Dysmenorrhea / Amenorrhea

Introduction

 

Medicinal Plants Used for Treatment
Primary and Secondary Dysmenorrhea Standard Treatments
Primary and Secondary Amenorrhea Pictures
Citations

By: Cherie Cadena, Meredith Carothers, and Abdullah Orozco

Introduction:

Dysmenorrhea is "by far the most common gynecologic problem for menstruating women." (Coco, Andrew).  Many women experience painful cramping in the lower abdomen, headaches, vomiting, and other uncomfortable symptoms during their menstrual periods.  Often, these symptoms are so painful women may miss work or school.  

Amenorrhea is the absence of or abnormal cessation of menses.  Amenorrhea can be classified as either primary or secondary.  Primary amenorrhea usually occurs between ages 11 and 15 years.  Secondary amenorrhea occurs when a menopausal woman has not had menses for three consecutive months.

 

Primary and Secondary Dysmenorrhea:
  Primary Dysmenorrhea Secondary Dysmenorrhea
Definition: Painful cramps in the lower abdomen during menstruation in the absence of any other pelvic disease. Painful cramps in the lower abdomen during menstruation due to an actual pelvic disease such as endometriosis (where uterine tissue grows into other parts of the pelvic cavity).
Age of onset: Adolescence or within 3 years of first menstruation Older women and women having cramps after the age of 25
Causes: Higher than normal levels of the hormone prostaglandin  Other pelvic diseases such as polyps, pelvic inflammatory disease, infections, or use of an IUD
Symptoms: Nausea, vomiting, headaches, backaches, diarrhea, and severe cramps Same as for primary dysmenhorrea
 

Primary and Secondary Amenorrhea:

  Primary Amenorrhea Secondary Amenorrhea
Definition: The lack of menstruation or breast development by the age of 14 or the lack of menstruation by the age of 16. The absence of menstruation spanning three months after regular periods have occurred.
Age of onset: Early adolescence Post-adolescence
Causes: Hypothalamic-pituitary causes, pregnancy, stress, strict diets, anorexia, excessive exercise, and pseudohermaphroditism (patient has testes in the abdomen and breasts but no uterus) Hypothalamic-pituitary causes, pregnancy, stress, strict diets, anorexia, excessive exercise, excessive male hormone, uterine infection, ovarian failure, and menopause.
Symptoms: no menstruation no menstruation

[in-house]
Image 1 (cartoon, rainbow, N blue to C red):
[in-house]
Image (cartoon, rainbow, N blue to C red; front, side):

Medicinal Plants Used for Treatment:

Common Name Latin Name Organ Used Chemicals and effectivity
Angelica Angelica sinensis root Diuretic, cholagogue, anti-inflammatory
Damiana Turnera difusa leaves, stems Tannins, alkaloids, flavanoids. 
False Unicorn Chamalerium luteum root  
Parsley Petroselinum crispum leaves calcium, iron, magnesium, sodium, potassium, zinc, vitamins A, C.
Peppermint Mentha piperita all organs calcium, magnesium, phosphorus, thiamine, vitamins. A,C, zinc
Red Clover Trifolium pratense all organs calcium, chromium, magnesium, thiamine, vitamins A,C, zinc
Ruda Ruta graveolens leaves  
Wild Yam Discorea villosa   cobalt, Manganese, Zn+3, thiamine, steroids (progesterone)

 

Standard Treatments:

In addition to medicinal plants, amenorrhea can be treated with other methods:         

I.          Achieve and maintain a healthy and balanced lifestyle

A.         Keep an ideal body weight

B.         Find moderation between work, recreation and rest

C.        Reduce and avoid stress

D.         Avoid drinking too much alcohol, doing drugs and smoking

II.         Estrogen replacement therapy can be used to treat women with permanent hypo-gonadism.

 

 

Pictures:      

Parsley

Red Clover

Peppermint

False Unicorn

     

Citations:

Amenorrhea : When Menstruation Goes Away. Ohio Health.  1998-2003 Mayo Foundation for       Medical Education and Research

Coco, Andrew. Primary Dysmenorrhea. Aug. 1999. The American Academy of Family Physicians. 17 Jul  2004. <http://www.aafp.org/afp/990800ap/489.html>

Dysmenorrhea Hub. 28 Feb. 2002. Projectlinks Database. 17 Jul 2004. <http://www.projectlinks.org/dysmenorrhea/>

Lorena, Andrea. Cramping Your Style: Dysmennorhea Defined. 2 April 2001. Rx Magazine. 17 Jul 2004. <http://rx.magazine.tripod.com/wh_20000707.htm>

Mendoza-Bruce, San Juana.  Lecture: 6/26/04.  NMSU Las Cruces, NM

McPhee, Stephen J., Papadakis, Maxine A., Tierney, Lawrence M. Current Medical Diagnosis & Treatment 2000, 39/e.  The McGraw-Hill Companies, Inc.

Relief from Menstrual Cramps. 1999. Genne X Healthcare Technologies, Inc. 17 Jul 2004. <http://www.womanshealth.org/a/treat_dysmenra.htm>

USDA, NRCS. 2004. The PLANTS Database, Version 3.5 (http://plants.usda.gov). National Plant Data Center, Baton Rouge, LA 70874-4490 USA.

 

Last updated (July 20th, 2004)
For more information contact Dr. Mary O'Connell at mailto:%20moconnel@nmsu.edu

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